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What’s in Biden’s $800 Million Military Aid Package for Ukraine

7 minute read

As Russian forces prepare for a renewed and expanded armor assault in eastern and southern Ukraine, the Biden Administration on Wednesday authorized a massive $800-million military aid package to help Kyiv fend off Moscow’s unprovoked invasion.

The newly announced assistance includes a wide range of weapon systems for the Ukrainian military designed to help them fight off the superior heavy forces Russia is putting into the field. The transfer includes Howitzer artillery, armored personnel carriers and Mi-17 helicopters, and a dozen advanced radar systems. It also sends the Ukrainians multiple tank-killing systems, including 500 Javelin missiles, 300 Switchblade drones and thousands of other anti-armor weapons.

The inventory of weapons and equipment was made after several conversations between U.S. and Ukraine officials regarding what was needed on the battlefield, administration officials say. The resulting list, which includes more than a dozen different items, represents an escalation of the U.S. role in the Ukrainian war. For instance, the U.S. will provide 18 155mm Howitzer cannons and 40,000 rounds for the first time. American soldiers will also directly provide training to Ukrainian forces on how to use some of the higher-end equipment such as the AN/TPQ-36 counter-artillery radars and AN/MPQ-64 Sentinel air surveillance radars.

The Ukrainian military beat back a weeks-long, blood-soaked Russian offensive in and around the capital, Kyiv, surprising the better-equipped Russian forces, but now faces an escalating threat on other fronts. The massive U.S. transfer comes after Ukrainian President Volodymyr Zelensky released an online video Wednesday warning that the war risks becoming an “endless bloodbath, spreading misery, suffering, and destruction” without additional weaponry to beat back a much larger, more technologically advanced enemy.

The weapons and equipment are being sent under a so-called “presidential drawdown authority,” which allows Biden to transfer the hardware from U.S. stocks without Congressional approval in order to speed up delivery in an emergency. The White House has now provided about $2.6 billion in security assistance to Ukraine since Russian President Vladimir Putin launched his invasion on Feb. 24. A total of more than $3.2 billion in U.S. military aid has flowed to Kyiv since Biden took office last year. The administration had initially relied on diplomacy with Moscow to resolve the increasing tensions in Ukraine, but Putin’s invasion prompted the U.S. to draw up more aggressive strategies to respond to Russia.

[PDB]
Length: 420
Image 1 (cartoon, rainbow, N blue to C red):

“This new package of assistance will contain many of the highly effective weapons systems we have already provided and new capabilities tailored to the wider assault we expect Russia to launch in eastern Ukraine,” President Joe Biden said in a statement, following a phone call with Zelensky. “The steady supply of weapons the United States and its Allies and partners have provided to Ukraine has been critical in sustaining its fight against the Russian invasion. It has helped ensure that Putin failed in his initial war aims to conquer and control Ukraine. We cannot rest now.”

The Pentagon has launched around-the-clock supply missions, delivering eight to 10 planeloads of anti-aircraft and anti-armor missiles, remote-controlled drones, rounds of ammunition and laser-guided rockets each day. On Wednesday, the Deputy Defense Secretary Kathleen Hicks and top U.S. defense officials met with the chief executives of the eight largest U.S. defense contractors to discuss industry’s capacity to meet Ukraine’s needs if the war with Russia drags on for several years. “We have been giving an awful lot of stuff to the Ukrainians, and so it would be the prudent thing to do before it becomes a crisis issue for our own readiness to have a discussion with them about accelerated production and advanced production,” said a senior defense official, who wasn’t authorized to speak publicly on the matter.